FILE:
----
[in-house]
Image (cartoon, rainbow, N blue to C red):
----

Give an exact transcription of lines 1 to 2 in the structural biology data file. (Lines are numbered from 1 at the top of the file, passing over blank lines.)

[in-house]
Image (cartoon, rainbow, N blue to C red):